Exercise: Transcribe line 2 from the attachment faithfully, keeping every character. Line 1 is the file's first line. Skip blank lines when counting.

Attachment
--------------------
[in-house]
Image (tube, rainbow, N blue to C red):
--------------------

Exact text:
Image (tube, rainbow, N blue to C red):